A planned rail strike for the end of July has been confirmed to go ahead after last-minute negotiations fell through.
More than 40,000 staff members will once again stage the strike after the Rail, Maritime and Transport union (RMT) and Network Rail failed to negotiate a deal.
This includes Southeastern, TransPennine and Avanti West Coast, as well as a handful of other operators.
Members last walked out in late June, with most of the UK’s train services cancelled as a result.
When will the rail strike take place?
The RMT Union has confirmed that members will strike for 24 hours beginning on Wednesday 27 July and will involve the 13 train companies who were involved in the last industrial action.
The union then confirmed that Network Rail members will also strike on Thursday 18 August and Saturday 20 August.
The last strike took place on 21, 23 and 25 June, and saw four fifths of services across the country cancelled.
What has RMT said about the strike?
It was announced earlier this week that the RMT Union had rejected a “paltry” offer made by Network Rail.
This included a 4% pay rise backdated to January, rising by 2% in 2023. An offer of a further 2% rise was made on the condition that “modernisation milestones” were met.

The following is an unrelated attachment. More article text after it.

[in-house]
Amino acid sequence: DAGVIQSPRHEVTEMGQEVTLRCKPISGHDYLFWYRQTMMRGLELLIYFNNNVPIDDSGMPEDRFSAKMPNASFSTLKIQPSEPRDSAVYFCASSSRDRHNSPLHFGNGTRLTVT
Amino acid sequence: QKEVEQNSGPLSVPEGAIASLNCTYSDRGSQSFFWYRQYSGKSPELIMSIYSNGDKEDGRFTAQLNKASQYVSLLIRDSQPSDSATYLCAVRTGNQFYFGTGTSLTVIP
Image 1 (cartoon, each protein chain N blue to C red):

However, RMT have said that no offer made has secured a pay rise or made guarrantees over job losses at the train operating companies (TOCs).
RMT general secretary Mick Lynch said: “Strike action will take place next Wednesday as planned and our members are more determined than ever to secure a decent pay rise, job security and good working conditions.
“Network Rail have not made any improvement on their previous pay offer and the train companies have not offered us anything new.
“In fact Network Rail have upped the ante, threatening to impose compulsory redundancies and unsafe 50% cuts to maintenance work if we did not withdraw our planned strike action.
“The train operating companies have put driver-only operations on the table along with ransacking our members’ terms and conditions.
“RMT will continue to negotiate in good faith but we will not be bullied or cajoled by anyone.
“The Government need to stop their interference in this dispute so the rail employers can come to a negotiated settlement with us.”